The improbable run of USASA team Roma FC continues tonight when the Dallas-based amateur team meets the defending MLS champion Los Angeles Galaxy in the U.S. Open Cup.
According to assistant coach John Calandro, whose son John - fresh
out of high school - is the youngest member of the team, Roma's run has cost the
team's backers about $30,000. Those backers are Coach Michael Schell,
Calandro Sr., the players and their friends and families, and anyone kind
enough to visit the team's Web site
(www.romafc.net) to contribute something to an improbable cause.
U.S. Soccer pays each team $7,500 per game for expenses, which hasn't come close
to meeting the costs of flying twice to Southern California to play CD Chivas
USA and the Galaxy.
"Nobody's worried about the time they've had to take off from work, or the 7
a.m. practices, or any of that," says Calandro. "I know it's in the back of
their minds but all of these guys, in addition to having more talent than
anybody gave them credit for, are competitors.
A penalty-kick win over CD Chivas USA after the teams played a goalless
regulation and overtime propelled Roma to this stage, where a Galaxy team mired
near the bottom of the Western Conference standings and lacking an injured
Landon Donovan might seem a tad vulnerable. Roma's previous win was against
USL entry Miami, which despite fielding Brazilian legend Romario and
fellow 1994 World Cup champ Zinho couldn't subdue the amateurs.
"One key is they haven't given up an early goal," says former Dallas Tornado
player Charley DeLong, a soccer and football coach at Jesuit HS and de
facto assistant coach for the past month or so. "When you get past 45 minutes or
60 minutes you start to believe, and the other team maybe gets worried and
starts doing things they shouldn't."
Michael Schell's brother, midfielder Dominic, had a short MLS stint with
Columbus. Many of the players are veterans of indoor wars and list the San Diego
Sockers and Dallas Sidekicks among their former clubs. Juan Sastoque (one
of MLS's original Project-40 players), Mark Rowland, Jesse Llamas
-- the names may not ring out loudly but they've carved out a unique place in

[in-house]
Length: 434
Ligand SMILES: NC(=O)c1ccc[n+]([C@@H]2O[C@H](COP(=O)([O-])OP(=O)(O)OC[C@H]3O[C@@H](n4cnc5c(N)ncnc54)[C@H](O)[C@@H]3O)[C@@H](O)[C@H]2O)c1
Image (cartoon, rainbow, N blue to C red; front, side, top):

the annals of American soccer: the first amateur club to defeat a fully
professional team in the U.S. Open Cup, the history of which dates back 92
"We were training at a YMCA field at 9 p.m. with two lights on and we could
barely see, and six guys would show up," said Calandro. "Training in the
morning, before guys go to their jobs, shows how dedicated they are."
Marveling at it all is DeLong, a former San Diego State player who rarely got on
the field for the Tornado but gladly settled in the city when offered the high
school job 25 years ago. He jumped into the Roma story when asked to help with
the team's conditioning and sunrise training sessions, of which the attendance
and intensity has flabbergasted him.
"Their attitudes, their dedication, their commitment, I can't say enough about
them," says DeLong. "They all have regular jobs, they have families and
responsibilities, and they're out there. I don't know if we've trained them long
enough and hard enough to play another 90 minutes against a tough pro team, but
I can tell you this: if they get beat it won't be because they didn't work hard
DeLong's days in San Diego preceded those of players like Sastoque, an alum of
El Cajon High who was stunned to discover DeLong had attended archrival El
Capitan. "We went back and forth and had some fun with it," says DeLong. "Soccer
is the world's game but sometimes you can't believe how small that world is.
"This really is a story of what the game is. Anything can happen. You can go
anywhere in the world - England, Italy, Spain, Germany, name the country - and
you'll see times where a little team beat a big team. A bounce here and there
where the ball goes in or hits the post, a goalkeeper making a few great saves,
and you have a chance to win the game."
Roma won't have the brilliant goalkeeping of Llamas when it takes on the Galaxy.
He had to stay behind in Dallas to be with his wife, who is about to give birth.
DeLong will also be back home, monitoring the game through phone calls from
The Galaxy will have been warned by Roma's victory over its rival.
"Chivas thought they were going to roll us over," says Calandro. "They only
started four regulars and then started throwing in their best players.
"In the locker room Patrick Shamu was telling the guys, 'Make them
respect us,' and that's kind of been our new mantra."